Thursday, February 18, 2010

Senate Measure Extends Permit Date For Drillers

Water, water, water.

Archuleta case forced new rule for well operators
by Joe Hanel
Herald Denver Bureau
Article Last Updated; Thursday, February 18, 2010 12:00AM


DENVER - Gas and oil companies would get a deadline extension to file for water permits for their wells under a bill that started moving Wednesday in the state Legislature.
But ranchers who own water rights are worried the bill could undo a landmark case that started in Archuleta County and forced gas wells to get water permits.

Senate Bill 165 passed the Senate Agriculture Committee 6-0 on Wednesday. Sen. Bruce Whitehead, D-Hesperus, voted yes.

The court case pitted Archuleta County's Vance and Fitzgerald families against the state engineer and gas companies. Ultimately, the Colorado Supreme Court said gas companies need to get water permits for their wells.

In Colorado, filing for a well permit is not the same as filing for a water right. Only courts can grant water rights to surface water. The state engineer grants well permits, which are good for ground water under a person's land and are not supposed to have an effect on other water users.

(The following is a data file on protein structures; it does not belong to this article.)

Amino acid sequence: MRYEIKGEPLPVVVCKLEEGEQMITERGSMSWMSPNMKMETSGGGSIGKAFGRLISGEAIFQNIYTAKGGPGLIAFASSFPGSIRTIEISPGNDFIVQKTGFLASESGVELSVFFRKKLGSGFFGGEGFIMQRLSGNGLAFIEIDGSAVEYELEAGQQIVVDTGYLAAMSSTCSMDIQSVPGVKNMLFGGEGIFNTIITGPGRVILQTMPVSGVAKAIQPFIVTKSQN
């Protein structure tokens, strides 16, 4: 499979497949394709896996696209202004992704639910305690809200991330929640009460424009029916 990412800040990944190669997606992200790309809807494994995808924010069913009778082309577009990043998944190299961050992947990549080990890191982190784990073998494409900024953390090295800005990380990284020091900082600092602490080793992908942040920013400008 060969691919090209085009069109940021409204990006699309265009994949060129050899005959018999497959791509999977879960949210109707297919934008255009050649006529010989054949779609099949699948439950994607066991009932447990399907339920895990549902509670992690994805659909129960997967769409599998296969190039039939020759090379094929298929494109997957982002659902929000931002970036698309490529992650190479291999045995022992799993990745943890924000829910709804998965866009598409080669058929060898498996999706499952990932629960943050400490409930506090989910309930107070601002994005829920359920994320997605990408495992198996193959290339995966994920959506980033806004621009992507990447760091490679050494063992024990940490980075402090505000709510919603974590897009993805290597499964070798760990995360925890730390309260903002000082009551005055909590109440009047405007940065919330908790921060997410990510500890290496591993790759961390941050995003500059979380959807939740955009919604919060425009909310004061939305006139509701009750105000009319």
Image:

The Legislature in 2009 reacted to the Vance ruling by telling the state engineer to figure out which gas wells interact with surface water and need additional regulation. The engineer's office published maps this winter that exclude much of the San Juan Basin's gas fields from additional scrutiny.

The Legislature also gave gas companies until March 31 to file a substitute water-supply plan. Companies in Southwest Colorado are collaborating on a single water-supply plan for the whole basin.

SB 165 extends the March deadline until August, because the state engineer's office was facing a flood of paperwork.

The Vance plaintiffs and their allies oppose SB 165.

“It's about fundamental fairness. You don't just chuck that under the bus because you've got a deadline to meet," said Alan Curtis, lawyer for the Vance and Fitzgerald families and other water-rights owners.

The bill also exempts some gas and oil wells from Colorado's water-rights system, and that has the owners of water rights worried. Gas wells often bring up water from deep underground, and companies use that water to mix cement, suppress dust on roads or mix drilling fluids. The intent is to encourage water recycling and reduce the need to truck in water from surface streams, said Jim Martin, director of the Department of Natural Resources. More>>>